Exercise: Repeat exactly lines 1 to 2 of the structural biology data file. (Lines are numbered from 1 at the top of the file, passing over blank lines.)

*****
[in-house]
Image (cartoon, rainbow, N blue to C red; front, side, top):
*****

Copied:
[in-house]
Image (cartoon, rainbow, N blue to C red; front, side, top):